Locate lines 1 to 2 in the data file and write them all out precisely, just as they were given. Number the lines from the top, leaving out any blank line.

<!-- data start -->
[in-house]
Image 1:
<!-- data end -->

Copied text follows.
[in-house]
Image 1: